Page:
Michigan Golf News
July 18, 2003, Vol. 3, No. 29
Sponsored by:Bay Mills Resort and Casino/Wild Bluff-Brimley
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Edited by Art McCafferty-Publisher-Michigan Golfer Magazine
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Frankfort- Frankfort Golf Course
Frankfort is a welcome respite from the hustle and bustle of summertime TC. This Lake Michigan port city, offers visitors a nice downtown filled with superb restaurants and terrific shops. We stayed at historic Frankfort Hotel and thoroughtly enjoyed ourselves. Just outside of town, is the nine hole Frankfort Golf Course, a tract that was built in the 20's. The course offers some killer views of Crystal Lake, a double green and old fashioned charm. For those that want a little more of a challenge, you can golf the nearby Champion Hill and Pinecroft in Beulah.
Mackinac Island-Mission Point Resort
We were on Mackinac Island to cover the Chicago to Mackinac Race, but could not help notice the jammed putting course at Mission Point Resort. This has been a hit since it started. There are a couple of other such courses in Michigan; Buck's Run and Hawk Hollow, to name a few, that also have great putting courses on property.
Thompsonville-Crystal Mountain Resort
There were smiles around for the crew at CMR as they took a bow for
putting on their first major. For Chris McInnes, Brad Dean, Elaine Crosby,
Joan O'Neil, Rodger Jabara and everybody else who hosted the 60 professional
and amateur women golfers that played in the Fifth Third Bank Women's
Michigan Open, it brought fulfillment to their dream to host a first class major
The winner, Breanne Hall, a senior from the University of Toledo,
brought sufficient drama to the tournament, by vaulting into the lead on
Tuesday and then holding onto that lead until her final shot for a double bogey
on18 on Wednesday. It was then out to the 18th tee for the first and only
playoff hole. She hit it down the fairway, while her opponent, Allison
Fouch, hit it into the woods. She ended up with a birdie on the hole,
which was good for the win, as Fouch scrambled out of trouble with a
deft sand shot to put her within six feet of an up and down par.
The Fifth Third Bank Michigan Women's Open Tournament presented by
Detroit Newspapers seemed to please just about everybody this year. Moved from the Ann Arbor area, where it had seemed to plateau, to CMR opened up some new enthusiasium. All of the major media were there, with Greg Johnson of
the Grand Rapids Press and Booth chain, Larry Adderley of the Michigan Golf
Network, Mike Shiels for the Detroit News, Doug VanHouen for the Free
Press, Jeff Peek of Traverse City Record Eagle, Phyllis Barone of
Golfer's Guide, Jennie McCafferty of Michigan Golfer Television as well as the
two television stations in the area. Kudos to all at CMR, it was well done.
Traverse City locals accounted for themselves as Cherie Robinson, finished10th amateur overall, however, the wheels came off from Christy Jonkhoff, as she shot an 85-82-89.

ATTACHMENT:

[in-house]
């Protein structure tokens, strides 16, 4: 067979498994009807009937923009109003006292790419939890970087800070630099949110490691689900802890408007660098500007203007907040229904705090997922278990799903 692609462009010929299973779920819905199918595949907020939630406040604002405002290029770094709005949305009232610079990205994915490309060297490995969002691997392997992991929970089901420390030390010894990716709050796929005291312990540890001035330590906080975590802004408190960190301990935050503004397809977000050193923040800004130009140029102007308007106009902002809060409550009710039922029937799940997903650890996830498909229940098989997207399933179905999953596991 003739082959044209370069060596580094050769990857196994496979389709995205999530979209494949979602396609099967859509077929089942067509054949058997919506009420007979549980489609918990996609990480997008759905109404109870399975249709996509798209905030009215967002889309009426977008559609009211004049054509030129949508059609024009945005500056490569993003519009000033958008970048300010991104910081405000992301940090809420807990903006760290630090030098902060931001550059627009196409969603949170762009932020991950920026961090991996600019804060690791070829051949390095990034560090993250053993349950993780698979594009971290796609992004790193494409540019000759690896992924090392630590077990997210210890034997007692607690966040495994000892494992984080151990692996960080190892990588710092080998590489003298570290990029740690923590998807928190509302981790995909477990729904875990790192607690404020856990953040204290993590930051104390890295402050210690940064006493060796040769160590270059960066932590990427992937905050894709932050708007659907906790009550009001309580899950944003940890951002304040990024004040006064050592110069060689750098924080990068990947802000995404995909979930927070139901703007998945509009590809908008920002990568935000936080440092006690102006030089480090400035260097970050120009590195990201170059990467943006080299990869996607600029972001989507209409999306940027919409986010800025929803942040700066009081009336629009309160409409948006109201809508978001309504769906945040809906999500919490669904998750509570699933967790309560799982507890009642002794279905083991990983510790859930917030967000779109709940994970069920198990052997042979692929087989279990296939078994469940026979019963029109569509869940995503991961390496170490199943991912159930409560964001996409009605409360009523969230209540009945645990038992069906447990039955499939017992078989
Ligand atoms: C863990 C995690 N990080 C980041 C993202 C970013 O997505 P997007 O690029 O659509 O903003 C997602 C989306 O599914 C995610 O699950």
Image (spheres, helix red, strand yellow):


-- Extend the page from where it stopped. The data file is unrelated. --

Traverse City-Sip and Chip
This year the chipping will be fine, but there might be a dearth of
wine, as the TC area wineries are trying to recover from a brutal freeze in
mid March. Bob Begin of Chateau Chantal, indicated that they lost 90% of
their crop this year. In mid March it was 39 degrees and then in a matter of
a few days, it went to 17 degrees below zero. The vines never recovered.
The TC area has been putting together Sip and Chip golf packages with the
Park Place Hotel and area golf courses.
THE DETROIT NEWSPAPERS MICHIGAN OPEN
Grand Traverse Resort and Spa recently hosted, yet another excellent Detroit Newspaper Michigan Open. The final playoff hole wasn't pretty, as Bob Ackerman won out over Bryan Snyder with a bogey versus double bogey finish. This was after Ackerman bogeyed the 18th hole to bring about the playoff. However, it was still sweet for Ackerman and the end of a long journey, as he had won this tournament before in 1975, as an amateur. He is now the first person to hold both the Michigan Open and the Michigan Senior Open in the same year. He won the Senior Open at Bedford Valley earlier last month. Tim Hygh, reports on the tournament and Ken Devine, Michigan PGA, CEO, hosts the post tournament awards presentation.
TRUMBULL COUNTY- WARREN/NILES OHIO
We visited the golf community of Trumbull County recently and had a
ball. While there we visited Yankee Run , Candywood GC, Pine Lakes, Avalon Lakes and Sqaw Valley CC, where the Giant Eagle is contested. While there we stayed at the Holiday Inn Express, rated the No.1 Holiday Inn Express in the nation for the past 16 months and then Julia's, an unique upscale B & B, located on the property of Pine Lakes.
Bottom line, there is terrific golf in Trumbull County and we certainly
recommend that you consider it for a golfing getaway. The best ways to
find out about Trumbull County is to visit their website at
http://trumbullcountycvb.org/ or tune in this week's Michigan Golfer Show at http://michigangolfer.tvThad Gutowski reports on the LPGA
tournament and also visits these terrific golf properties.
The Natural at Beaver Creek Resort and Marsh Ridge Resort will host the 1st Annual Otsego County Amateur this coming August 30-31.
Longtime Egypt Valley Country Club golf professional Lynn Janson has
added another chapter to his illustrious career by being elected to the Grand
Rapids Sports Hall of Fame. The former Michigan State All-America
golfer will officially gain induction to the hall at a ceremony later this
In doing so, he will join a select group of west Michigan golf figures
whohave also been inducted into the Michigan Sports Hall of Fame.
"It's one of the great honors I've had in sport to be named to Grand
Rapids Sports Hall of Fame," says Janson. "Not only have I known and enjoyed
my association with the other golfers there, but I'm humbled to be
affiliated with great athletes from professional football, baseball, basketball
and other sports here in the town where I've lived the last thirty years."
A five-time winner of the Michigan PGA "Player of the Year" Award (and